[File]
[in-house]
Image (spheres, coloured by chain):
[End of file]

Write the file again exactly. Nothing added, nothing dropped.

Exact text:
[in-house]
Image (spheres, coloured by chain):